Grief Is The Thing With Feathers by Max Porter


I’m starting off Blogtober 2016 with this beautiful allegory on death and grief by Max Porter. I’ve plotted out the entire month so that every post links seamlessly  and allegories and death are apparently what I’m rather cheerfully starting off with.

I’ve had my eye on Grief Is The Thing With Feathers since it came out in hardback last year, but I didn’t get round to buying it until fairly recently, in paperback. It’s a very short read, more of a novella than a novel. I’d even go further and say it was more of an extended prose poem.

The story deals with three points of view; a man grieving the loss of his wife; the combined narration of his two young sons and the crow that comes to help them deal with their pain. To me, and I appreciate I may be wrong, Crow felt like the personification of a combination of Dad’s depression, the boy’s new found rebellion in the face of losing a parent and the work that keeps Dad obsessed while he grieves. I loved the manic, distracted voice of Crow; it made the quiet nostalgia and monitors of Dad and the Boys seem even more poignant.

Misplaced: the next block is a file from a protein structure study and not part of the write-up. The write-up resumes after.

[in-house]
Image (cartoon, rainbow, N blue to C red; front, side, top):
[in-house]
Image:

I will be honest, I feel like I would have got more out of Grief Is The Thing With Feathers had I had a previous knowledge of Ted Hughes poetry. That’s not to say I couldn’t understand what was going on, but that it would have informed how I read it I think. I might have even imagined Crow’s character completely differently.

Some bits were painful and hit quite close to home, others were darkly funny. I also now want to read all of Ted Hughes poetry.

I’m blogging every day in October for Blogtober.

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